August 30, 2014

A Budget Debate Three Stooges Style

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Moe, Larry and Curly are fighting in the back seat of the car. No one is in the driver’s seat. As the boys settle down, Curly looks up and says, “Hey, don’t look now but we’re about to be killed.”

Leave it to The Three Stooges to provide the perfect metaphor for what passes as a budget debate in Washington these days.

It appears that we’re headed for a government shutdown in April and a possible default in May all because politicians can’t stop squabbling over a few billion dollars from a small slice of the budget while our overall fiscal policy is headed for a cliff.

The long-awaited “adult conversation” has not yet begun.

Very few dispute the fact that we’re on an unsustainable fiscal path. Yet too few seem willing to take the mountain of official and unofficial warnings seriously enough to do anything about them.

Indeed, they seem eager to engage in a reckless game of fiscal chicken, virtually daring the other side to do something responsible. We are left with a fierce debate over non-security appropriations that account for only 12 percent of the budget.

That is why even tentative sprouts of reason are worth nurturing. For example, it was heartening to see 64 Senators – 32 Democrats and 32 Republicans – write to the President urging him to engage in a comprehensive approach to deficit reduction using the framework recommended by the bipartisan National Commission on Fiscal Responsibility and Reform chaired by Erskine Bowles and Alan Simpson.

In the House, Blue Dog Democrats, whose votes may be needed to keep the government running this year and to pass a budget resolution for next year, have now weighed in with a similar plea.

These initiatives don’t amount to a solution, nor do they pretend to. They do, however, point the way forward.

The Bowles-Simpson framework and a similar proposal by the Bipartisan Policy Center’s Debt Reduction Task Force chaired by Alice Rivlin, a Democrat, and Pete Domenici, a Republican, showed that people of differing perspectives can reach consensus if they are determined to do so for the common good.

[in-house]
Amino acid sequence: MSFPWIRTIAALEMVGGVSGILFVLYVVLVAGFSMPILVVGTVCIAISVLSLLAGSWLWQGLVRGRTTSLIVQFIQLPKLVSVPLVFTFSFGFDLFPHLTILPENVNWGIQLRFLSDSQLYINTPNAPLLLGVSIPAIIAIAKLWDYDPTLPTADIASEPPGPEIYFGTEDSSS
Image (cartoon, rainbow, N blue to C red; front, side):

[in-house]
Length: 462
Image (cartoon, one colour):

It is exactly this approach that is needed. The President should seize the opportunity by convening a series of comprehensive bipartisan deficit-reduction talks.

Two hurdles must be cleared before conditions for negotiations will be fully ripe.

First, Congress and the President must settle the fight over this year’s appropriations. It has gone on too long over too little. Republicans have already made their presence known by achieving cuts from last year’s appropriations. For them, it is simply a question of when to declare victory and move on to the far more important issues of entitlement and tax reform.

Even if Republicans hold out for the full $61 billion in cuts they are seeking for the current year, they will have done little to hold down projected deficits.

Lasting spending cuts are far more likely to be achieved if Congress and the President focus on the so-called “mandatory” programs (entitlements) that do not go through the annual appropriations process but instead run on autopilot.

These are the programs -- primarily Medicare, Medicaid and Social Security -- which are the main source of future spending growth. Changing the rules for these programs so that they grow at more sustainable rates will be necessary to bring deficits under control. The same can be said for entitlements administered through the tax code, narrowly targeted breaks that are often referred to as “tax expenditures.”

These issues won’t be addressed until debate begins on the Fiscal Year 2012 budget resolution, where the whole budget will be in play. 

The second hurdle to comprehensive negotiations is the absence of any indication from House Members -- beyond the relatively small Blue Dog caucus – that they are committed to broad-based deficit reduction. Are House Republicans willing to consider tax reforms that bring in higher revenues as recommended by the two bipartisan commissions? Are House Democrats willing to consider cost-saving entitlement reforms?

If the answers are no, neither the President nor a majority of the Senate is likely to risk the political heat that comes with tackling entitlement and tax reform.

It’s time to end the back seat brawl. This sort of thing is funny in a Three Stooges sketch, but it is dangerous in real life when so much is at stake.